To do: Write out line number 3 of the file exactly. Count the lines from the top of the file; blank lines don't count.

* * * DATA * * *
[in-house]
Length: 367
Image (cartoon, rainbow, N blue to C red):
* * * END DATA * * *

Image (cartoon, rainbow, N blue to C red):